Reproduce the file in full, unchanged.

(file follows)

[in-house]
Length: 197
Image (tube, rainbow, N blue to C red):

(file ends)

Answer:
[in-house]
Length: 197
Image (tube, rainbow, N blue to C red):